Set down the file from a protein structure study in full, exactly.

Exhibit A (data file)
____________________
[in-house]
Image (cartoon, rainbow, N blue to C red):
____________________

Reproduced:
[in-house]
Image (cartoon, rainbow, N blue to C red):